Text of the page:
"I'm Nobody": Lyric Poetry and the Problem of People
Baker, David, The Virginia Quarterly Review
Life is an affair of people not of places.
But for me life is an affair of places
and that is just the trouble.
-Wallace Stevens, Adagia
That we mourn. That we ache. That we want. That we lie. That we forget. That we fail. That we kowtow. That we deceive. That we covet. That we love. That we die. That we remember.
Our symposium is entitled "Lyric Poetry and the Problem of People." My list, of course, denotes the problem, some of the problems, with people. I want to press on with this proposition for a moment before I turn my attention more fully to another part of the title.
The problems with people have provided poets with their subjects for millennia. In our own investigations of three primary lyric modes, we have previously considered the love poem (and the problems of passion, heartbreak, betrayal), the elegy (and the problems of death and loss or forgetting), and the ode (and the problems of social rhetoric and lyric progression). In parsing these three categories into more specific rhetorical modes or landscapes, we have looked at other problematics within the lyric: pastoral poetry (thus, the problem of nature), the sublime (the problem of beauty), and narrative and syntax (the problem of time). Our present issue finds its focus in lyric meditation and the problem of people. Wallace Stevens prepares us in Adagia: "Life is not people and scene but thought and feeling."
To be sure, people are a real problem for the lyric poem. Conventional definitions of the lyric poem generally abide by Roman Jakobsen's assessment: "lyric poetry speaks for the first person, in the present tense-a present toward which lyric always impels any past or future events." Isn't this the case? I turn to works of literature for many things, in many needs. But I seek lyric poetry specifically for its meditation, for the example of its music, the solace of its radical interiority. Harold Bloom goes so far as to assert that the main value of literary study is to "enlarge a solitary existence." Such is the dream of the lyric in particular, that the self shall be revealed and enlarged.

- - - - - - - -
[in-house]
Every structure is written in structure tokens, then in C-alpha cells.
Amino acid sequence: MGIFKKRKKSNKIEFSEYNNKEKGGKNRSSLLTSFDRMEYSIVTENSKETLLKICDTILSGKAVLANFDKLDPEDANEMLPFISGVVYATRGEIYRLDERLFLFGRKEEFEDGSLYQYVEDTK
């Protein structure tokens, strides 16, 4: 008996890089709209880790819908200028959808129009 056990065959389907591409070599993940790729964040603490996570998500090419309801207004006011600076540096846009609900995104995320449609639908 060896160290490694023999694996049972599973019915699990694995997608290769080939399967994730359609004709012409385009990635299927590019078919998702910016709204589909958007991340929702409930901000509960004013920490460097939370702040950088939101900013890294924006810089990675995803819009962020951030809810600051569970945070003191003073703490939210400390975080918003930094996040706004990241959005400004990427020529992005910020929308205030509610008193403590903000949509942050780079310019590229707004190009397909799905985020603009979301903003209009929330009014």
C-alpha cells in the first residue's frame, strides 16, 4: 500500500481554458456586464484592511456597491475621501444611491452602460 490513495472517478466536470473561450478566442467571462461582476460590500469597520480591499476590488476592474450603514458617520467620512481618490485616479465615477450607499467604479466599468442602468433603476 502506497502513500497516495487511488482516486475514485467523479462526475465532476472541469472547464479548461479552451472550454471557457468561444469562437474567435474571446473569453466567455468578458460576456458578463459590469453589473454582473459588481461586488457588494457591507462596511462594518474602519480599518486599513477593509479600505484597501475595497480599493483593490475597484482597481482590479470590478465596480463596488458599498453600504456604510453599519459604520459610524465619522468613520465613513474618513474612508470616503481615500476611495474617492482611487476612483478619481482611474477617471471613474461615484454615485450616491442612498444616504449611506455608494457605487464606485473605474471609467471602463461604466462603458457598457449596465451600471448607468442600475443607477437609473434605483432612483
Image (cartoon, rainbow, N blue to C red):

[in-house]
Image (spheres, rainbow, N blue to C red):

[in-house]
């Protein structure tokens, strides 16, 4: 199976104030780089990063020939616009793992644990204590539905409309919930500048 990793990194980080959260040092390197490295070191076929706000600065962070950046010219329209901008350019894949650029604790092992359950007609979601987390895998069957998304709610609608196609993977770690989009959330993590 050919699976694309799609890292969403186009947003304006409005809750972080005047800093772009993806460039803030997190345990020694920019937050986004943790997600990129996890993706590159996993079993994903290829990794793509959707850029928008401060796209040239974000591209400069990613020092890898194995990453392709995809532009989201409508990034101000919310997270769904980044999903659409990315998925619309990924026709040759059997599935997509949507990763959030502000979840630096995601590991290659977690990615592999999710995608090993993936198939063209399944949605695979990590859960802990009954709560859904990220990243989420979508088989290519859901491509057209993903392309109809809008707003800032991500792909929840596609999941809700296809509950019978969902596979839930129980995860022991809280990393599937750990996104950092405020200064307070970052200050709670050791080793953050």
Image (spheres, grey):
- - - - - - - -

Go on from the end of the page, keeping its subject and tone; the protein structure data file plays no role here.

Immediately, a problem. In a narrative of self, what is the place of the other, of others, of people? From here the problem extends in many directions. Does the lyric possess a political aptitude? Can it protest, criticize, convince? What is the place of the popular in a seemingly hermetic site? How do communities, indeed how do urban and technological constructions, fit into the private or pastoral space of the lyric? These are real and delicious problems to tackle, for don't we want a lyric poetry capable of cities, populations, politics, testimony, exchange, social engagement?
I am going to limit my own discussion to a more basic problem of people and the lyric. I wish to consider the center of both the social and lyric cosmos: the self, that conscious or self-conscious entity speaking from the singular and personal present. If a lyric poem is a song of oneself, what is that self? What is its relation to the collective? Has the lyric poem always extended outward from the center of the solitary self to the "others"? The answers range vividly.
Sometimes we hold that the self is an autonomous and independent entity, a body and a psyche of measurable dimensions, the fixed hub around which our perceptions and relationships orbit. This is consistent with Bloom's notion of the lyric's function: to enlarge a solitary existence. Emerson identifies this version of the self in its most pure and central state: "I see all; the currents of the Universal Being circulate through me."
Sometimes we think of the self as a more fluid or deconstructed thing: an artifice formed by convenience and language, a social construct, a fiction. This attitude dissolves the self into the social collective. Likewise, Anthony Easthope disperses the genre of lyric poetry into the overall category of discourse; hence, all exchanges engage equally in "a process of enunciation. …